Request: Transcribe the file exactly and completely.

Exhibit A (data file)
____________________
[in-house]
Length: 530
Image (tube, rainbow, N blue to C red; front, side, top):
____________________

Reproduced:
[in-house]
Length: 530
Image (tube, rainbow, N blue to C red; front, side, top):